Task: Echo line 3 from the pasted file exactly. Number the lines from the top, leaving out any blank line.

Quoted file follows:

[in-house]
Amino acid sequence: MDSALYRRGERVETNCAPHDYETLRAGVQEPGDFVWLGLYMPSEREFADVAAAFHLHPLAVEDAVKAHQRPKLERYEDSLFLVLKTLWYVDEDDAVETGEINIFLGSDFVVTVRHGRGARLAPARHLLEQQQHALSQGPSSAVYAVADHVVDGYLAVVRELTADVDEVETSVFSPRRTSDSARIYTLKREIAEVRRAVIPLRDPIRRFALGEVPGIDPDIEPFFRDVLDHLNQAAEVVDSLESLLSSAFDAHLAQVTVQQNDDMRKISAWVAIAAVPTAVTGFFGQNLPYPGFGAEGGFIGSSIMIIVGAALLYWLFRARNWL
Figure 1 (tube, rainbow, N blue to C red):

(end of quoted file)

Figure 1 (tube, rainbow, N blue to C red):